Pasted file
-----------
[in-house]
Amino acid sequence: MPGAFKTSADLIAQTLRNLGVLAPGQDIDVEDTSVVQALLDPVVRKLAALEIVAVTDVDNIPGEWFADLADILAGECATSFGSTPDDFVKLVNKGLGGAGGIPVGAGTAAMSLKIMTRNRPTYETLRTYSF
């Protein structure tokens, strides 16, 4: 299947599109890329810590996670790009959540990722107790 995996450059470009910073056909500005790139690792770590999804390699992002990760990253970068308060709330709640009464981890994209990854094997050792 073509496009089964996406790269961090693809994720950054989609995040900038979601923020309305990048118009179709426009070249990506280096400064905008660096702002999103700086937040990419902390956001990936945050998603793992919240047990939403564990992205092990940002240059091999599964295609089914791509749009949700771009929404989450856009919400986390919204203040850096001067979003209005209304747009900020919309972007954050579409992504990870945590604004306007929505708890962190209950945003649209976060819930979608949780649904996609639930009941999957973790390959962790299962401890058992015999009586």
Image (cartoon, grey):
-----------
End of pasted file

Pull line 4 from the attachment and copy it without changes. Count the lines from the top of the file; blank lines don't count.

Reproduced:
Image (cartoon, grey):